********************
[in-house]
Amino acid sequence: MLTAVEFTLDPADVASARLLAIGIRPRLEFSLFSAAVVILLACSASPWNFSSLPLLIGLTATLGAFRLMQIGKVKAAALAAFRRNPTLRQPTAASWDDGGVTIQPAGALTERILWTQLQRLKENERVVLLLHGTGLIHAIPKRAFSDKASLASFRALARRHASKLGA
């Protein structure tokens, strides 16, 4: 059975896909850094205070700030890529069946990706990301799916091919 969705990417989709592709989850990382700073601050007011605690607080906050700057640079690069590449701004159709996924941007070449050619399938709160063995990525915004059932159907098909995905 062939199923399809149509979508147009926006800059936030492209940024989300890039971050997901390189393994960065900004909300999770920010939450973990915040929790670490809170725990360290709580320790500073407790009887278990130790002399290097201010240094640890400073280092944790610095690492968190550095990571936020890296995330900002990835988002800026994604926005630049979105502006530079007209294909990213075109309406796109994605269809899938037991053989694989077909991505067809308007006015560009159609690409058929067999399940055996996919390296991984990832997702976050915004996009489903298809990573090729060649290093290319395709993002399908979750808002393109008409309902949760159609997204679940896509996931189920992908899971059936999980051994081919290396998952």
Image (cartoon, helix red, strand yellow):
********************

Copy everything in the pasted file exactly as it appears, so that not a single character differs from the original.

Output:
[in-house]
Amino acid sequence: MLTAVEFTLDPADVASARLLAIGIRPRLEFSLFSAAVVILLACSASPWNFSSLPLLIGLTATLGAFRLMQIGKVKAAALAAFRRNPTLRQPTAASWDDGGVTIQPAGALTERILWTQLQRLKENERVVLLLHGTGLIHAIPKRAFSDKASLASFRALARRHASKLGA
């Protein structure tokens, strides 16, 4: 059975896909850094205070700030890529069946990706990301799916091919 969705990417989709592709989850990382700073601050007011605690607080906050700057640079690069590449701004159709996924941007070449050619399938709160063995990525915004059932159907098909995905 062939199923399809149509979508147009926006800059936030492209940024989300890039971050997901390189393994960065900004909300999770920010939450973990915040929790670490809170725990360290709580320790500073407790009887278990130790002399290097201010240094640890400073280092944790610095690492968190550095990571936020890296995330900002990835988002800026994604926005630049979105502006530079007209294909990213075109309406796109994605269809899938037991053989694989077909991505067809308007006015560009159609690409058929067999399940055996996919390296991984990832997702976050915004996009489903298809990573090729060649290093290319395709993002399908979750808002393109008409309902949760159609997204679940896509996931189920992908899971059936999980051994081919290396998952």
Image (cartoon, helix red, strand yellow):